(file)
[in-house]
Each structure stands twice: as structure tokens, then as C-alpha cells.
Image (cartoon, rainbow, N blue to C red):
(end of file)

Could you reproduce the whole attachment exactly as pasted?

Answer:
[in-house]
Each structure stands twice: as structure tokens, then as C-alpha cells.
Image (cartoon, rainbow, N blue to C red):